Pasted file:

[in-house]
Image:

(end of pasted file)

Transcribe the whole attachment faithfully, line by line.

[in-house]
Image: